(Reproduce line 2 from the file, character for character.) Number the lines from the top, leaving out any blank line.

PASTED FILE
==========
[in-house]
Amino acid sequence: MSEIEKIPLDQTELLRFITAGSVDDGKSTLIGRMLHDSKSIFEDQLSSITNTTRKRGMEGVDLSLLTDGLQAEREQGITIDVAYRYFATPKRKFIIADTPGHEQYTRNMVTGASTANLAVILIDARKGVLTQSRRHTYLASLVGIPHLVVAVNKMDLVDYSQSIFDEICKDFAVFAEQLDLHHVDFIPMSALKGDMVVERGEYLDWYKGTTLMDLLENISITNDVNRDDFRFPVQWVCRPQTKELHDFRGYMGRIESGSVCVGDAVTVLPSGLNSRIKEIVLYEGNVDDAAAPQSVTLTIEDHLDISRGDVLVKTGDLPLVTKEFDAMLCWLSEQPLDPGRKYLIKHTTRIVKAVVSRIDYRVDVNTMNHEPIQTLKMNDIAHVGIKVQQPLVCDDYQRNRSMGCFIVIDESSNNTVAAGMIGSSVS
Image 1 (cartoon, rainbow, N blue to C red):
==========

Amino acid sequence: MSEIEKIPLDQTELLRFITAGSVDDGKSTLIGRMLHDSKSIFEDQLSSITNTTRKRGMEGVDLSLLTDGLQAEREQGITIDVAYRYFATPKRKFIIADTPGHEQYTRNMVTGASTANLAVILIDARKGVLTQSRRHTYLASLVGIPHLVVAVNKMDLVDYSQSIFDEICKDFAVFAEQLDLHHVDFIPMSALKGDMVVERGEYLDWYKGTTLMDLLENISITNDVNRDDFRFPVQWVCRPQTKELHDFRGYMGRIESGSVCVGDAVTVLPSGLNSRIKEIVLYEGNVDDAAAPQSVTLTIEDHLDISRGDVLVKTGDLPLVTKEFDAMLCWLSEQPLDPGRKYLIKHTTRIVKAVVSRIDYRVDVNTMNHEPIQTLKMNDIAHVGIKVQQPLVCDDYQRNRSMGCFIVIDESSNNTVAAGMIGSSVS